Thorneloe University uses 'hate crime' vandalism to talk about racism
Professors using recent incident to spark discussion among students
Early last week, culprits defaced signs posted on the office doors of two faculty members at Thorneloe University in Sudbury, Ontario.
Thorneloe is one of three affiliate schools on the Laurentian University campus.
Two of the signs, which stated "A Feminist Professor Works Here", were ripped. The other poster had #BlackLivesMatter on it. The vandal wrote #AllLivesMatter in pen on that sign.
In a statement, school officials call the vandalism a hate crime, which they claim is both anti-feminist and anti-Black.
The school condemns the vandalism says president Robert Derrenbacker. He says Thorneloe wants to send a message that hatred is not welcome there.
Derrenbacker says Thorneloe officials are now working to make sure the campus is a safe and welcoming environment for students and staff who may be concerned.
The suspect responsible for the incident has not been caught, however school security is conducting an investigation into the vandalism.
This is the first incident of a hate-crime on the school's campus, that Derrenbacker can recall in his more than seven years as president.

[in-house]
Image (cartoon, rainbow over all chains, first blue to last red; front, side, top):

Derrenbacker says Thorneloe wants to unite behind shared values.
"We also think that this is a good opportunity for us to explore with our students and our residents the importance of fostering a community where we all share in the responsibility to uphold the values of diversity, inclusion and respect," Derrenbacker said.
Professors are already bringing up the incident with their students in class, "to use as an opportunity to discuss what it means to be an inclusive and diverse and respectful learning community."
There was no way the posters were accidentally ripped, says Natalie Kouri-Towe a professor in Thorneloe's Women's, Gender and Sexuality studies.
"It was a pretty specific target of those two messages," she said/
She said no other posters in the hallway of faculty offices were touched.
Kouri-Towe says she's brought up the conversation with her students in class.
It's important not to allow hatred to be normalized in our society.- Natalie Kouri-Towe, Thorneloe's Women's, Gender and Sexuality studies professor
Students told her they don't have a lot of space on campus to have open conversations about larger issues like racism and diversity.
"I would like to see larger communities, campus communities really taking seriously the way that a climate of hatred gets fostered very rapidly and can easily take over the space of a university with these kinds of messages," she said.
Kouri-Towe notes that students, staff and faculty all play an important role in fostering and mobilizing positive messages.
"It's important not to allow hatred to be normalized in our society, that it's important for us to continuously take a stand against all forms of hatred in this way."